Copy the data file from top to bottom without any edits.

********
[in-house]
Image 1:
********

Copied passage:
[in-house]
Image 1: